that the move will indeed be welcome as the litigation at Goa dies down at the level of the High Court due to costs involved in the travel to Delhi for the litigants.

"So if there are Circuit Benches, it would be very good - something like Bombay, Bengaluru would be good for everybody. There could be more matters that go to the Supreme Court. Right now, if you see, every matter from Delhi goes to Supreme Court, but every matter from Bombay does not go to Supreme Court - even if it is meritorious," said Coutinho

Advocate Kit Kharmawphlang of Meghalaya High Court said, "It's a good thing, it will definitely help litigants from this part of the country. Some of them are financially not sound - so a Circuit Bench will save time, efforts, expenses and justice will also be delivered faster. Must say that it's a very sound view."

"Beneficial step for ever-expanding jural needs; will reduce pendency"

Justice Govind Mathur (Former Chief Justice of Allahabad High Court) said that though the opinion of Justice Kirubakaran appears attractive, all efforts must be made for lightening disposal of Appeals and reducing cost of litigation  than to bifurcate the highest constitutional court by establishing benches in four directions.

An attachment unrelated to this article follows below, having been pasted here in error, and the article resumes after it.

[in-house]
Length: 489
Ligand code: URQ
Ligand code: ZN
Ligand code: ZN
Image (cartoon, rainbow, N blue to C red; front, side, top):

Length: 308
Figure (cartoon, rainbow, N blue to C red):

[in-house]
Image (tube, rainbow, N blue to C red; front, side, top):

Senior Advocate Subodh Markandeya from Supreme Court stated that though there was a lack of precedents elsewhere, this should not deter us from adopting a bold course to make way for Supreme Court benches which are set up regionally.

"This is a step which is most just and equitable to all parts of the Country and which is necessary, not only for taking the unnecessary burden off the Supreme Court but is otherwise necessary for meeting our fast-expanding jural needs," he said

Markandeya also said that pendency was an extremely serious issue since 1981 itself and no steps were taken and though setting up of Circuit/Regional/Zonal Courts was suggested by various Law Commissions, it was never done. "Progress is achieved if we move forward," he said.

"Such a step will be equitable to all parts of India and automatically remove (i) the present unnecessary burden on the Supreme Court and (ii) the heavy "tilt" in the favour of litigants from the north"